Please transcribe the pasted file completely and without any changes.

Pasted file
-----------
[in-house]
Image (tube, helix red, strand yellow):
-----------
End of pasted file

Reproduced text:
[in-house]
Image (tube, helix red, strand yellow):